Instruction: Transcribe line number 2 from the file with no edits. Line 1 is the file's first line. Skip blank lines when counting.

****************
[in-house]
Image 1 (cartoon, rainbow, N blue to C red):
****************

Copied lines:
Image 1 (cartoon, rainbow, N blue to C red):